Lloyds online banking down: bank apologises following major outage
Customers have been unable to log into their accounts since yesterday evening
The banking giant Lloyds has apologised to its customers over an IT failure that has resulted in customers being unable to access their online bank accounts.
Hundreds of people have reported their difficulties making payments and transferring cash online to Downdetector, an outage tracking website.
The IT glitch, which is ongoing, has resulted in customers venting their fury on social media and inundating the bank with complaints.
Lloyds initially failed to take responsibility, telling its online banking users (via social media) that it was not aware of any issues. The bank suggested the problem lay instead with customers’ internet providers.
The firm later admitted there was a fault with the system, which users can circumvent by accessing their online banking through a 3G or 4G network connection, Metro reports.
A spokeswoman for the bank said: “We are currently aware that some customers may be experiencing intermittent issues when trying to access their online banking service this morning.”
She added: “We are working to resolve the issue as a matter of urgency and we are sorry for any inconvenience for our customers.”
The number of customers affected has yet to be revealed, the Daily Mail says, but the problem is not thought to have affected other banks within the group. Systems used by Halifax and Bank of Scotland (both of which fall under the Lloyds Banking Group) are currently operating as normal.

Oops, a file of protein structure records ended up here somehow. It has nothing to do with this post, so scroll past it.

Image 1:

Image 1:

Lloyds scheduled a maintenance period “between midnight and 6am on Sunday” to carry out upgrades to its online banking service, The Guardian says.
It’s widely believed that a glitch happened during this process, resulting in users being unable to log into their bank accounts while their device was connected to a wifi signal.
Lloyds has yet to confirm whether the upgrade is to blame for the outage, the newspaper says.
What can customers do?
Although the issue has not yet been rectified, there are a number of ways Lloyds customers can access their accounts.
According to the Mirror, smartphone users can still log onto the firm’s online banking app by using the mobile network connection on their device. This cannot, however, be done on a laptop or desktop computer.
Another option is to log on using the company’s business page, which can be found here.
There’s also a chance the issue will be resolved quickly, so customers may simply want to try again later, the newspaper concludes.